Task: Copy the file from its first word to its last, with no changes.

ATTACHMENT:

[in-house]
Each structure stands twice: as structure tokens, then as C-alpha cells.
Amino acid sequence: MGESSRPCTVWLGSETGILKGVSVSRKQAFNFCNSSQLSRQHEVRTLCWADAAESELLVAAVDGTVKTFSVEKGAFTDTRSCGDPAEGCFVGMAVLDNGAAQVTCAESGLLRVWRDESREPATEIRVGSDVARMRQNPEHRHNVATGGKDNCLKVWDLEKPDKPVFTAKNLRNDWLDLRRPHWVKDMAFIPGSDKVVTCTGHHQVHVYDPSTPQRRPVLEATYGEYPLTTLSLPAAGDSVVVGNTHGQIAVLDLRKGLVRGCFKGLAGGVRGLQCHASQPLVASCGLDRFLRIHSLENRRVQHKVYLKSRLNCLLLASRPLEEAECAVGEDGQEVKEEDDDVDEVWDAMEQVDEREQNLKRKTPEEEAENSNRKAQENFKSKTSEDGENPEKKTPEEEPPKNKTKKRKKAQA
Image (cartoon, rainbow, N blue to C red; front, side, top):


[in-house]
Each structure stands twice: as structure tokens, then as C-alpha cells.
Amino acid sequence: MGESSRPCTVWLGSETGILKGVSVSRKQAFNFCNSSQLSRQHEVRTLCWADAAESELLVAAVDGTVKTFSVEKGAFTDTRSCGDPAEGCFVGMAVLDNGAAQVTCAESGLLRVWRDESREPATEIRVGSDVARMRQNPEHRHNVATGGKDNCLKVWDLEKPDKPVFTAKNLRNDWLDLRRPHWVKDMAFIPGSDKVVTCTGHHQVHVYDPSTPQRRPVLEATYGEYPLTTLSLPAAGDSVVVGNTHGQIAVLDLRKGLVRGCFKGLAGGVRGLQCHASQPLVASCGLDRFLRIHSLENRRVQHKVYLKSRLNCLLLASRPLEEAECAVGEDGQEVKEEDDDVDEVWDAMEQVDEREQNLKRKTPEEEAENSNRKAQENFKSKTSEDGENPEKKTPEEEPPKNKTKKRKKAQA
Image (cartoon, rainbow, N blue to C red; front, side, top):